What It’s Used For: Slicing bread, leveling delicate cake layers, slicing cakes and quick breads, cutting through dough, cutting thick-skinned fruits, like melons, pineapple, and winter squash

What You Need To Know: A bread knife is a long knife with a saw-toothed edge, which helps it efficiently slice through all types of bread and baked goods without squishing the crumb, as well as thick-skinned fruits and veggies. Bread knives range in size; it’s best to get one with a blade at least 10 inches long so that it can handle large loaves of bread or watermelons.

❤️ My Fave: Mercer Culinary 10-Inch Bread Knife 

paring knife

What It’s Used For: Smaller and more nimble tasks, like peeling apples and potatoes, hulling strawberries, coring tomatoes, slicing shallots and garlic, trimming ribs from peppers, deveining shrimp, pitting dates and cherries

What You Should Know: With a blade measuring 2-1/2 to 4 inches, the paring knife is the “baby” of your knife collection. A lightweight plastic handle and a slightly flexible blade is ideal for a paring knife because it is the one knife that is often used in the air rather than on a cutting board. The ideal size for a paring knife is 3 to 3-1/4 inches long; anything shorter may not reach through all the food you may use it for and anything longer is harder to control.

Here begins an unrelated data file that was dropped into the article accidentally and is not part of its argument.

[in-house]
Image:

❤️ My Fave: Victorinox 3.25 Inch Paring Knife

boning knife

What It’s Used For:
Breaking down a chicken into pieces; deboning meat or poultry; removing the skin, fat, and silverskin from meat; cutting the skin off of fish fillets

What You Should Know: A boning knife has a narrow and sometimes flexible blade that tapers to a pointed tip that allows you to maneuver in tight places. You can get away without one, but it comes in handy if you handle meat on a regular basis and especially if you do any butchering. A boning knife is similar to a fillet knife. The difference is that boning knives are used primarily on meat but also on fish while fillet knives are used exclusively for fish. As long as you get a boning knife with a semi-flexible blade, it can be used on both meat and fish and is therefore more versatile.

❤️ My Fave: ZWILLING Professional “S” 5.5-inch Flexible Boning Knife from Amazon (or purchase direct from Zwilling)

serrated utility knife

What It’s Used For: Slicing tomatoes, fruits with thick skins, salami, rolls, sandwiches

Why You Need It: When a bread knife is too big for the job, a serrated utility knife is the way to go. It cuts cleanly through delicate fruits and veggies without crushing them, and it is also ideal for cutting sandwiches and baguettes. It’s a great all-purpose knife to have as part of your collection, and it remains sharp for a long time without needing to be sharpened. Utility knife blades range in size from 4 to 7 inches in length; around 5 inches is ideal.